If I wanted to say that I moved somewhere for work, my understanding is that I could say переехал из-за работы but that переехал на работу is more natural. I also think that для работы is wrong here, even though it feels the most natural to me as an English speaker.

The connotation of "for work" could be either "because I have a job there," "because I could get a job there," or "because my job is taking me there," depending on the context. To say "I moved for work" implies the former two, whereas "I'm here for work" suggests the latter.

The difference between these is pretty difficult for me to grasp, but I think of из-за as having the connotation of a fault ('as a result of work') whereas на implies more of implies a direction toward work ('to work there'). And для has an ungrammatical tinge, but it's hard for me to put it into words.

In general, the use of на to indicate a reason is pretty obscure to me. But is this in fact what it's doing here? Can someone explain the difference between за/на/для here? Thanks!

  • For those of us who aren't very good at connotations of English prepositions, explaining the intended meaning of "for work" would really help!
    – Igor G
    Commented Jan 7, 2023 at 21:23
  • @IgorG I thought I responded to this but it didn't go through. It could have the connotation of either moving "because I have a new job" or moving "in order to find a new job," but the most accurate connotation is "for the sake of work." Which is why для may seem correct, even though I know it's not. Commented Jan 10, 2023 at 7:49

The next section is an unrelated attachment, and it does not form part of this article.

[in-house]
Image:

• You did respond, and your response has been moved to the question body.
    – Igor G
    Commented Jan 10, 2023 at 8:40

3 Answers 3


If I wanted to say that I moved somewhere for work [...]

... then I wouldn't have used any preposition at all:

"Я уехал (приехал, переехал) работать (жить, учиться) в Москву". See also real quotes from the Russian corpus.

But the title of this question suggests that it's a generic question about prepositions rather than about relocating, so let me not limit this answer to the context of moving for work.